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    Plummer-Vinson syndrome

    Paterson-Kelly syndrome; Sideropenic dysphagia; Esophageal web

    Plummer-Vinson syndrome is a condition that can occurs in people with long-term (chronic) iron deficiency anemia. People with this condition have problems swallowing due to small, thin growths of tissue that partially block the upper food pipe (esophagus).

    Causes

    The cause of Plummer-Vinson syndrome is unknown. Genetic factors and a lack of certain nutrients (nutritional deficiencies) may play a role. It is a rare disorder that can be linked to cancers of the esophagus and throat. It is more common in women.

    Symptoms

    • Difficulty swallowing
    • Weakness

    Exams and Tests

    You may develop skin and nail abnormalities thatyour doctor can see during an exam.

    Upper GI series or upper endoscopy may show the abnormal tissue in the food pipe. You may have tests to look for anemia or iron deficiency.

    Treatment

    Taking iron supplements may improve the swallowing problems.

    If supplements do not help, the web of tissuecan be widened during upper endoscopy. This willallow normal swallowing and passage of food.

    Outlook (Prognosis)

    People with this conditiongenerally respond to treatment.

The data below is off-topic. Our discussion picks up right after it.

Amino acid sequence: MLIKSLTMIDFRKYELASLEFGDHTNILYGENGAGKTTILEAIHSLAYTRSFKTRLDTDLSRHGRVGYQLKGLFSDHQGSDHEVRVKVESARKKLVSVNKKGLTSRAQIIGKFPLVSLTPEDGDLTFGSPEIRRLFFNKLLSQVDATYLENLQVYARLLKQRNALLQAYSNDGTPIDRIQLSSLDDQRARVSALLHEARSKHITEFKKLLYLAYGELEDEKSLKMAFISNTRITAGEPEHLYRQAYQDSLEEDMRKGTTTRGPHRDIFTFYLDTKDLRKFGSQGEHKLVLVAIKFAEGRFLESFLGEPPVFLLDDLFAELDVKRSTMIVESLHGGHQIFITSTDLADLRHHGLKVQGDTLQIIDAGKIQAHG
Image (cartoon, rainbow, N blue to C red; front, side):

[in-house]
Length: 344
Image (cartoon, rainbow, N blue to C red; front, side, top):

Possible Complications

    Devices used to stretch the esophagus (dilators) may cause a tear, which leads to bleeding.

    Plummer-Vinson syndrome has been linked to esophageal cancer.

    When to Contact a Medical Professional

    Call your health care provider if:

    • Food gets stuck after you swallow it
    • You have severe fatigue and weakness

    Prevention

    Gettingenough iron in your diet may prevent this disorder.

    References

    Long JD, Orlando RC. Anatomy, histology, embryology, and developmental anomalies of the esophagus. In: Feldman M, Friedman LS, Brandt LJ, eds. Sleisenger and Fordtran's Gastrointestinal and Liver Disease. 9th ed. Philadelphia, Pa: Saunders Elsevier; 2010:chap 41.

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          Tests for Plummer-Vinson syndrome

            Review Date: 10/8/2012

            Reviewed By: George F. Longstreth, MD, Department of Gastroenterology, Kaiser Permanente Medical Care Program, San Diego, California. Also reviewed by A.D.A.M. Health Solutions, Ebix, Inc., Editorial Team: David Zieve, MD, MHA, David R. Eltz, and Stephanie Slon.

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